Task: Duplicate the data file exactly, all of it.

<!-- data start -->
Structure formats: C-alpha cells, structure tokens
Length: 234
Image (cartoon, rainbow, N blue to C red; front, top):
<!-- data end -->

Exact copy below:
Structure formats: C-alpha cells, structure tokens
Length: 234
Image (cartoon, rainbow, N blue to C red; front, top):